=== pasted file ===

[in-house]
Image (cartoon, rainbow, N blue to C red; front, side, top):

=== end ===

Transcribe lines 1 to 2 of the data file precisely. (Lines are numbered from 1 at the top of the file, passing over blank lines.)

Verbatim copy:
[in-house]
Image (cartoon, rainbow, N blue to C red; front, side, top):